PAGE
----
The Upside Downs of Wikipedia in the Classroom

The controversy about using Wikipedia as a source and the debate about whether this is a reliable source of information seems to have calmed down over the last few years–in Norway and probably most other places as well. Instead of banning Wikipedia, most teachers nowadays, I believe it is fair to say, encourage critical thinking and judging sources, whether these sources are online or offline. (Please correct me if I am wrong.)

The question I would like to address in this post, however, is whether teaching the students how to make proper use of information on Wikipedia is the natural end station, or whether we as teachers should prop ourselves up to go further. Is time ripe for looking seriously at the upside downs of Wikipedia in the classroom?

In his book Blogs, Wikipedia, Second Life, and BeyondAxel Bruns details the recent (and ongoing) transition in human web-based culture from usage to produsage, the idea being that in a wiki like Wikipedia, and in other web applications, anyone can make the choice to take part in the collaborative process of adding, revising and improving content. (For a short introduction, see the produsage website.)

In this environment, what does it really mean to ‘involve digital literacy in teaching’? (Cf. the subtitle of my blog.) For my part, I have decided to use Twitter, blogging, wikis and even Wikipedia editing in class, in the sense that I will teach the students how to do this and have them use such channels or tools in their projects and in text production and publishing.

In order to be able to do this, I have to master those applications myself, obviously. Thus, I am now embarking on a journey during which I hope to become more digitally literate and able to meet the challenges of making what happens in the classroom more relevant for the student who wants to learn how to use the web for something meaningful.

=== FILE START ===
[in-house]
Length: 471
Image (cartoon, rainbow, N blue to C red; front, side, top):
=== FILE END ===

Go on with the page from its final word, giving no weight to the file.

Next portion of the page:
My goals in doing this are quite ambitious:

  • Create better learning results in my students
  • Work more efficiently and thus save time (that can be wisely reinvested)

Along the way, I will share information that might be useful and helpful for those who choose to follow this blog, including classroom assignments. And who knows, maybe most of us will eventually turn the use of Wikipedia upside down in the classroom from time to time?


2 responses to this post.

  1. I agree this is a very important issue. Students are massive users of Wikipedia but know relatively little of how it is created and maintained. In my opinion, a good way to teach media literacy (or whatever you want to call it) is to bring Wikipedia actively into the classrooms – by having students write and edit Wikipedia articles themselves. I’ve tried it out, and it works:


  2. Thank you for your comment and the link. And I must say, I look forward to your workshop next week!


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